I have always had an argumentative streak and my 11th grade history teacher at Centennial High School, Mr. Porter, did no disservice in allowing me to speak my mind early and often despite his love of Abraham Lincoln and his first edition Toyota Prius. In 2004, I was still the cookie cutter solid suburban (R) who would defend the party until I was blue in the face, and God bless him, he had to deal with me in an election year. It served us both well and prepped me for college and graduate school where I continued to evolve.

But my life changed the day I met Andrew Wordes, the Roswell Chicken man. A man of small stature and a unique voice you could pick out of any crowd, I met Andrew at a campaign event in 2009. He was kind and gracious and wanted to know what, as a young person, drove me to get involved in politics. “It was an accident,” I told him. But he shrugged it off, said that was impossible, and went on to show me pictures of his dog, pigs, and of course, his chicken. I entertained the conversation because I couldn’t believe he had chickens in the ‘burbs.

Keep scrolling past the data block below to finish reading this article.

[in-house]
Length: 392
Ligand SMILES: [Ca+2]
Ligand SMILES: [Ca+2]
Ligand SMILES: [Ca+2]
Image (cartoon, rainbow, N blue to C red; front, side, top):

Over the next few months, I saw Andrew several times and eventually, someone filled me in on his battle against the City of Roswell. I was mortified to learn about his years-long debacle. The man withstood a retroactive vendetta ordinance, lawsuit(s) against him by the City (an unprecedented act in the State of Georgia), the grading of the land around his home by the City without permission and notice, pressure to submit to eminent domain far below FMV, multiple nights in jail due to police harassment, city employees meddling with his mortgage holder, and the poisoning of his animals which caused the death of over half of them, yet some how some way, the man managed to get up every day to see another fight and volunteer to help others.

I was enamored by his lengthy story and asked him if I could document it on my blog. Of course he said yes and we began talking almost daily so he could fill me in on updates between the lawsuits and the police casing his home.